Your Defense Needs a Good Offense

WIMZKL was recently engaged in a forensic exercise on behalf of a new client who experienced a significant breach that occurred prior to WIMZKL’s involvement. Sadly, this is something seen far too often where an organization commits to better information security practices only AFTER something regrettable occurs. Please, please, PLEASE – learn from the mistakes of others and get your act together TODAY.

Meanwhile, the upside is that these incidents, while stressful and costly across so many contexts, like plane crashes, always lead to better policies, processes, procedures, awareness and outcomes for the future.

The investigation WIMZKL directed is a great example of why being pro-active is key. The primary reason being the number and frequency of memory-only attacks is on the rise. These kinds of stealth attacked use widely available, open source tools that anyone can download, install and learn to use. It doesn’t take a lot of technical experience or know-how to execute these tools in an attack.

Dismantling the traps, backdoors and revealing evidence of same in a usable way, however, does.

My peers and colleagues are growing tired of hearing me talk about this. In short order, Red Teams (offensive strategy) can use open source tools to stress the multiple layers of defensive tactics of Blue Teams (defensive strategy). You can think you’re really great at defensive strategy and have all the Defense in Depth pieces in place you can think of. The one, big problem I have with this is that you won’t really know if it works or not until you get hacked.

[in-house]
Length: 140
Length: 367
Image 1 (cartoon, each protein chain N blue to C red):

In contrast, Red Teams who practice offensive strategies against their own environments, will know with certainty, and almost instantly, if they suck or not.

This philosophy empowers Red Teams to iterate and learn faster. It’s why the bad guys are winning. Using open source tools, they can elevate their privileges on a system, enumerate and gather intelligence, credentials and move undetected in memory only. This means the scaffolding they put in place can survive even during a system’s reboot.

Because of this simplicity, or sophistication, depending on how you choose to define it, these kinds of breaches are virtually undetectable to the average bear. Why? Since this approach does not write anything to the file system, detecting and tracing it requires special attention, tools and training. Add to this, all associated network activity between a compromised system, or systems, and external command and control servers can easily be encrypted. That means there is little these attacks have in common with anything the average bear has seen before.

The big lessons:

  • Teams that aren’t balancing their defensive practice with offensive fluency, and frequently testing their own defenses, will be no match for attackers who are iterating, evolving and learning exponentially faster.
  • Teams that are relying solely on network-based evidence, and not including memory-based forensics, are sitting ducks and open to being exploited in ways they only imagine in their worst nightmares.

Want to learn more? Get in touch and elevate your team’s approach to protecting your business, your reputation and the bottom line. WIMZKL wants to be your long-term partner in this success.